Product News

corsl - Coroutine support library—Alexander Bessonov

Interesting library

corsl - Coroutine support library

by Alexander Bessonov

From the article:

corsl stands for "Coroutine Support Library" and consists of a number of utility classes and functions that simplify asynchronous programming in Windows. It is inspired by an amazing cppwinrt library, developed by Microsoft.

cppwinrt was created as a language projection for Windows Runtime, which is supported by Windows 8 or later operating systems. It is impossible to use in prior Windows versions.

One of the goals of corsl library was being able to use it under Windows Vista or later operating system...

Frozen - An header-only, constexpr alternative to gperf for C++14 users—Serge Guelton

Check this out!

Frozen - An header-only, constexpr alternative to gperf for C++14 users

by Serge Guelton

From the article:

An open source, header-only library that provides fast, immutable, constexpr-compatible implementation of std::set, std::map, std::unordered_map and std::unordered_set to C++14 users. It can be used as an alternative to gperf...

Using C++ Coroutines with Boost C++ Libraries—Eric Battalio

Working with the future tools.

Using C++ Coroutines with Boost C++ Libraries

by Eric Battalio

From the article:

Last month, Jim Springfield wrote a great article on using C++ Coroutines with Libuv (a multi-platform C library for asynchronous I/O). This month we will look at how to use coroutines with components of Boost C++ libraries, namely boost::future and boost::asio...

doctest - C++ single-header testing framework version 1.2 released!—Viktor Kirilov

The fastest feature-rich C++98/C++11 single-header testing framework for unit tests and TDD

doctest 1.2 released! Focus on features and runtime performance

by Viktor Kirilov

From the release:

The reddit thread might be of interest as well.

Using C++ Modules in Visual Studio 2017—Andrew Pardoe

The Visual C++ Team is elated to announce that with Visual Studio 2017, it has substantially improved the quality of the C++ Modules TS implementation in Visual Studio:

Using C++ Modules in Visual Studio 2017

by Andrew Pardoe

From the article:

Standard Library Modules support is included in Visual Studio 2017 RTM or newer. This capability is currently optional and off by default...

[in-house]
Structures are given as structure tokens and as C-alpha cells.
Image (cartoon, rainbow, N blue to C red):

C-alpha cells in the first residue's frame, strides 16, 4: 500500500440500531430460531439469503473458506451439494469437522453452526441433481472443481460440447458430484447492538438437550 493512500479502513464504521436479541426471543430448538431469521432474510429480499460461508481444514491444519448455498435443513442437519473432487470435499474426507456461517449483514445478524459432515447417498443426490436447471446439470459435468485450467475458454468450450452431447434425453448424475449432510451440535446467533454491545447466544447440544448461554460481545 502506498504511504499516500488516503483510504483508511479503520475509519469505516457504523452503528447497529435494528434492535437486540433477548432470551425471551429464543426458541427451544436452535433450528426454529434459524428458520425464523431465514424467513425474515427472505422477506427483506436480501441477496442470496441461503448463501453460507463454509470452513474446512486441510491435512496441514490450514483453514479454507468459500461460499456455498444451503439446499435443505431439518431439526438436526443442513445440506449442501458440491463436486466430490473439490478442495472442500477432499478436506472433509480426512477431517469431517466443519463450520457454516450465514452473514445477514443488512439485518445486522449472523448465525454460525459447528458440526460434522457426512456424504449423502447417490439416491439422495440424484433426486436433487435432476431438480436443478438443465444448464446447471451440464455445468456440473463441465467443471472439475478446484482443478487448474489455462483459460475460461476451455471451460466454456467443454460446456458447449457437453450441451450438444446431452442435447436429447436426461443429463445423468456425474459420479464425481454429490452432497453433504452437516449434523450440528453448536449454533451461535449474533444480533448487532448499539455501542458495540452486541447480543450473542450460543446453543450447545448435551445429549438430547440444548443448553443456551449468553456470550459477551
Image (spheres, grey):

Continuous integration with Travis CI—Richel Bilderbeek

A very useful tool:

Continuous integration with Travis CI

by Richel Bilderbeek

From the article:

In today’s guest post, Richel Bilderbeek gives us some insight about some the many possible advantages of setting up a continuous integration service, showing some minimal complete examples. Richel works as a PhD in Theoretical Biology at the University of Groningen industry, in his free time teaching people from ages 7-77 about C++, Processing, Arduino and R. Falling inexplicably in love with a C++ code snippet of Doom as a kid, he started using C++ only since 2001, and you can reach him through his website...

HPX version 1.0 released—STE||AR Group

The STE||AR Group has released V1.0 of HPX -- A C++ Standard library for parallelism and concurrency.

HPX V1.0 Released

The newest version of HPX (V1.0) is now available for download! Please see here for the release notes.

HPX exposes an API fully conforming to the concurrency related parts of the C++11/C++14/C++17 standards, extended and applied to distributed and heterogeneous computing, and aligned with the ongoing standardization discussions.

From the announcement:

  • HPX is a general purpose parallel C++ runtime system for applications of any scale. It implements all of the related facilities as defined by the C++ Standard. As of this writing, HPX provides the only widely available open-source implementation of the new C++17 parallel algorithms. Additionally, HPX implements functionalities proposed as part of the ongoing C++ standardization process, such as large parts of the C++ Concurrency TS, task blocks, data-parallel algorithms, executors, index-based parallel for loops, and many more. It also extends the existing C++ Standard APIs to the distributed case (e.g. compute clusters) and for heterogeneous systems (e.g. GPUs).
  • HPX seamlessly enables a new asynchronous C++ Standard Programming Model which tends to improve the parallel efficiency of our applications and helps reduce complexities usually associated with concurrency


Boost 1.64.0 is released

The new boost is out!

Boost 1.64.0 is released

From the article:

New Libraries

Process library by Klemens D. Morgenstern, that provides cross platorm ways to allows you to:

  • create child processes
  • setup streams for child processes
  • communicate with child processes through streams (synchronously or asynchronously)
  • wait for processes to exit (synchronously or asynchronously)
  • terminate processes

Broken feature:

GitHub #67: "group.wait() does not return".

Updated Libraries


  • Suppressed false warnings about returning reference to temporary
  • boost::addressof is now used instead of directly taking the address #12615
  • Headers are not included using double quotes any more #12053
  • CI tests now run with address, leak, and undefined sanitizers
  • Added more test


  • Fixed possible incorrect code generation in 64-bit atomic operations on 32-bit x86 with gcc versions older than 4.7 and compatible compilers.


  • Added BOOST_NO_CXX11_SFINAE_EXPR defect detection.


Disabling narrowing conversions in signal/slot connections—Giuseppe D’Angelo

A new useful feature in Qt:

Disabling narrowing conversions in signal/slot connections

by Giuseppe D'Angelo

From the article:

A small new feature that I have added to Qt 5.8 is the possibility of disabling narrowing conversions in the new-style QObject::connect statement. In this short blog post I would like to share with you why I thought this was useful and therefore implemented it...